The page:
the Republican National Convention when Connect the World returns.


[11:20:38] ANDERSON: You are watching CNN. This is Connect the World. I'm Becky Anderson. Well, it's been a very bumpy road to Rio for

Russia. The country is still waiting to find out if it can compete when the Olympics get underway in just over two

week's time.

Hours ago, Russia's Olympic chief, Alexander Zhukov unveiled the country's strong 387 team, that's despite a pending decision from the

International Olympic Committee on whether Russian will be banned, well that after a world anti-doping agency investigation found evidence of state

sponsored doping programs during the winter games in Sochi two years ago.

CNN's Clare Sebastian is more on the allegations and Russia's reaction to them.


CLARE SEBASTIAN, CNN INTERNATIONAL CORRESPONDENT (voice-over): Fireworks marking the end of the Sochi Winter Olympics in 2014. Russian

athletes had triumphed at home, bringing in 33 medals. That triumph now internationally discredited.

RICHARD MCLAREN, INDEPENDENT HEAD, WADA SOCHI INVESTIGATION: The Sochi laboratory operated a unique sample swapping methodology to enable doped

Russian athletes to compete at the games. The FSB took on this project. They developed a method for surreptitiously removing the caps of the

bottles for use at Sochi.

SEBASTIAN: And it doesn't stop at Sochi. The Moscow laboratory also found to be systemically misreporting results.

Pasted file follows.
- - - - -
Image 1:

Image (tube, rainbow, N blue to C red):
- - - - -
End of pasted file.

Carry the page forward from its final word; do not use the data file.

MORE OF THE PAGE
(On camera): The extraordinary allegations go right to the heart of the Russian government. The report uncovered evidence that the cover- up

was directed right here at the Ministry of Sport, decisions taken in this building about which specific results should be falsified.

(Voice-over): President Putin demanded more evidence from WADA, saying the report marks a return to the 1980s practice of politicizing sport. The

object, he said, was to use sport, quote, "as an instrument of geopolitical pressure."

On the streets of Moscow, his views echoed almost word for word.

"I think it's yet another political provocation," this man tells me. "It's just a continuation of economic and political sanctions."

"It's because they're scared of us," another man says. "Both in sports and politics because we are strong."

For this Russian Olympic hopeful, hammer thrower Sergei Litvinov, though, this is no time for denials. He says while he has no personal

experience of doping, he believes the report is true.

SERGEI LITVINOV, RUSSIAN HAMMER THROWER: I'm really sorry for -- for everybody that this happens in our country. It is very, very sad.

SEBASTIAN: Litvinov is one of 67 Russian athletes who have appealed their suspension to the Court of Arbitration for Sports, which is set to

rule this week.

LITVINOV: I am training and hoping I can compete and do a lot of interviews and something like this to bring back our reputation. But after